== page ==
The lamps date from the 1930s to 1970s, representing the evolution of the state of the art from single- and then two-filament tungsten bulbs through the early-1960s introduction of the first single-filament halogen bulbs, then a decade later the release of the still-familiar H4 two-filament halogen bulb.
Many of the lamps are equipped with cadmium sulphide glass filters to produce the selective-yellow light colour required from all vehicles' road-illumination lamps from 1936 until the requirement was quashed by European decree in 1993.
A great deal of myth surrounds the French yellow-light rule, which is variously said to have been enacted
- because of unique reflection characteristics of French road pavement materials,
- because of a faulty understanding of Rayleigh Scattering and glare or of the effect of light colour on visual acuity,
- because of a military need to identify the nationality of cars at night in the days before pan-European standardisation of lighting equipment, as a technical barrier to competition from lighting manufacturers outside France, etc.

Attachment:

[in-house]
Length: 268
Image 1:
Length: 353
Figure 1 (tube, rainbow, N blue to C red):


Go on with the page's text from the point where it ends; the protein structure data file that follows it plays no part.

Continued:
In fact, scholarly research identified glare-reduction benefits to filtering the blue components out of headlamp light (resulting in the selective-yellow colour).
While debate on the matter over the years sometimes strayed from the technical to the political realm, more recent research done at America's two foremost traffic-safety research centers supports the idea that with any given level of intensity, less blue content in the headlamp light can translate to less glare and an easier time seeing in snow and fog.